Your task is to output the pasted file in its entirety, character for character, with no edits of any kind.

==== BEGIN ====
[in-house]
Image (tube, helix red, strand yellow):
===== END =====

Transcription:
[in-house]
Image (tube, helix red, strand yellow):